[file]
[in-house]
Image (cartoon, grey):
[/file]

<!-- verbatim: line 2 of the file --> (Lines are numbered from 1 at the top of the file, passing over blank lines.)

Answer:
Image (cartoon, grey):